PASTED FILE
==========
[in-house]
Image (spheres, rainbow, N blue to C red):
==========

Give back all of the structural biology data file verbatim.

[in-house]
Image (spheres, rainbow, N blue to C red):